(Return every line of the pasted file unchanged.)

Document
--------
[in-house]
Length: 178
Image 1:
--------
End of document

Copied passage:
[in-house]
Length: 178
Image 1: